Let's call that human ability "metasensing," where the physical senses may be moved to receive information according to a personal goal, which is a desire beyond survival and curiosity. Animals can obviously move around, and animals appear to have attentional capabilities. Animals will certainly act to survive, and a few species may exhibit what we may call curiosity. The difference of metasensing is a choice to seek information. Navigating to create a map and opening a book in pursuit of an answer are both examples of metasensing. Due to metasensation, all human senses may be used in an active manner. From where metasensation originates is not immediately obvious, but it certainly appears real.

If human senses may be used actively through metasensation, I disagree that the cerebellum is responsible for active sensing, but I do have a hypothesis for why vision and audio don't have a corresponding cerebellar region. As you state, while the cerebellum responds to stimulus and generates "predictions", the cerebral cortex (and perhaps other parts) will generate "perceptions". In my experience, auditory and visual information requires significantly more complex real-time processing structures and resources than taste, touch, and smell. The predominantly feedforward nature of the cerebellum is excellent for detection but poorly suited for recognition. My hypothesis is that while detection capabilities are handled in the feedforward-dominant cerebellum, audio and visual processing structures emerged in the cerebral cortex for recognition capabilities.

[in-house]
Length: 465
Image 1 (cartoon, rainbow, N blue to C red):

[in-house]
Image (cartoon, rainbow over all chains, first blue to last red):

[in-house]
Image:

I also wish to comment on your last paragraph:

"The cerebellum may also inspire artificial-intelligence approaches somewhat, especially approaches to robotics or other control, in that it may be be beneficial to include a fast feedforward-only predictive modeling step to control real-time actions, alongside a slower training/updating pathway for model retraining."

Successful robotic control architectures typically act across multiple time scales, from microseconds to seconds to hours and more. For more information, I highly recommend reading the review article "Autonomous vehicle control systems — a review of decision making" (https://dx.doi.org/10.1177/2041304110394727). Two other interesting architectures you may want to investigate include the 4D/RCS Reference Model Architecture and the ASIMO Cognitive Map architecture.

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thankyou for this - it brought things flooding back to mind from my time in bristol (1976-7) working in a movement neurophysiology lab that focussed on spinal and cerebellar mechanisms in the control of movement and posture. My supervisor worked with decerebrate cats and was able to keep them walking with a near normal gait for up to 24 hours by stimulating the top of the spinal cord. So, the belief, at that time, was that the coordination of movement and gait was hard wired into the spinal cord, guided by input from stretch receptors and descending modulation, etc. Higher centres just said "walk" and the complex orchestration details of exact individual muscle tone were believed to be happening at a spinal level. My colleague and I were making microelectrode recordings of climbing fibre and mossy fibre cells in the cerebellum in response to peripheral electro stimulation. We saw the cerebellum as providing a homunculus model of action to compare intended with actual movement and adding in vestibular information, visual information and intention information. I always suspected that in some way it was involved in coordinating other information from higher centres. Your paper was an illuminating refresher - filling in that almost 50 year gap in my understanding! Thankyou.... Charlie Buck